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Star Trek writers will tell A People's History Of The Vampire Uprising

JD Payne Patrick McKay

At one point, the third film in the rebooted STAR TREK franchise was going to be directed by Roberto Orci from a screenplay he was writing with JD Payne and Patrick McKay. Orci ended up being replaced by Justin Lin and the screenplay was scrapped, with Simon Pegg and Doug Jung taking over to write what became STAR TREK BEYOND. That wasn't the end of Payne and McKay's association with STAR TREK, though. Soon after the release of BEYOND, it was announced that Payne and McKay would be writing the fourth film in the new timeline.

While fans wait to hear more news on the next STAR TREK film, which is supposed to feature Chris Pine's James T. Kirk crossing paths with his late father George (Chris Hemsworth) on some sort of time travel adventure, Payne and McKay have set up another writing project: the duo will be scripting an adaptation of the Raymond Villareal novel A PEOPLE'S HISTORY OF THE VAMPIRE UPRISING, which Little Brown's Mulholland Books won't even be publishing until next summer.

Described as "WORLD WAR Z with vampires", A PEOPLE'S HISTORY OF THE VAMPIRE UPRISING is 

an “oral history” of the appearance, assimilation, and ultimately epic and violent confrontation of vampires with the human race. It chronicles the rise of the vampires, who call themselves “The Gloaming,” from multiple points of view: the CDC investigator who discovers a mysterious virus; the FBI agent who forms the first Gloaming Crimes Unit; a civil rights attorney’s analysis of the Gloaming Equal Rights Act; an obsessive Vatican librarian; and even TMZ.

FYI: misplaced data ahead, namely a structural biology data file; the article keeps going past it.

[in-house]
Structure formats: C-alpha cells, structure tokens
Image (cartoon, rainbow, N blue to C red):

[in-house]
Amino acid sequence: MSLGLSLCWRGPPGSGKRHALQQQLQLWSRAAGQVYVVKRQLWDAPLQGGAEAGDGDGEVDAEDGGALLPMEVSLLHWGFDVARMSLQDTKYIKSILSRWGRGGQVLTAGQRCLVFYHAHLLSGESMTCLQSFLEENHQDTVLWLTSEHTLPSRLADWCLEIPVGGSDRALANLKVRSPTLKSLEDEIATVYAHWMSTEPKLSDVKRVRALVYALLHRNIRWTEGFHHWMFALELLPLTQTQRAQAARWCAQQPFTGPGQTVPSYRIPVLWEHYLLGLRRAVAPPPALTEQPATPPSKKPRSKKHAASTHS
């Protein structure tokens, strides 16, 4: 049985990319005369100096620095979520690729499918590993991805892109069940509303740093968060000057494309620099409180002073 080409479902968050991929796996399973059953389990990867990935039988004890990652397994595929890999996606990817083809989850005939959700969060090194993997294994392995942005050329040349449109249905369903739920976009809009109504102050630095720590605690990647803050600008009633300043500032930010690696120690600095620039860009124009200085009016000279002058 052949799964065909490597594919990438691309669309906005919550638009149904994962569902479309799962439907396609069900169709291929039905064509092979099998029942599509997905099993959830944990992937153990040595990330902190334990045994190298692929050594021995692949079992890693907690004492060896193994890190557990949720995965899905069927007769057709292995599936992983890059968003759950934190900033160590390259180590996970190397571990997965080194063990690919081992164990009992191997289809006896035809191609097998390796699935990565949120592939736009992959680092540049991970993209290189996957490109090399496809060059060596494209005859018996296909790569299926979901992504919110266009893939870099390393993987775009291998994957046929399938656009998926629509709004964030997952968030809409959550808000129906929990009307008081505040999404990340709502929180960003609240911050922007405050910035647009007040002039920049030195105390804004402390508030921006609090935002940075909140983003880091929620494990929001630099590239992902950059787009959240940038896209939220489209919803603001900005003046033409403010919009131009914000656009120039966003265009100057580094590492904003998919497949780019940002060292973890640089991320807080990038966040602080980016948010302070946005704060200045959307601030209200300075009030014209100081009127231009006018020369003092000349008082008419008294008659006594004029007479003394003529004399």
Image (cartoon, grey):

If you don't like the "WORLD WAR Z with vampires" description, there's another one that compares the idea to TRAFFIC: 

(A PEOPLE'S HISTORY OF THE VAMPIRE UPRISING) subverts the vampire mythology by telling the story through various points of view in a grounded political ensemble in the vein of TRAFFIC. 

The adaptation is being produced by Shawn Levy and Dan Cohen of 21 Laps for 20th Century Fox. Sony, Universal, and Lionsgate had also been interested in the VAMPIRE UPRISING film rights, but Fox beat them to it.

The WORLD WAR Z film didn't have much to do with the Max Brooks novel it was based on. Maybe this film will be more true to its source material.

Extra Tidbit: How does A PEOPLE'S HISTORY OF THE VAMPIRE UPRISING sound to you?
Source: Deadline2

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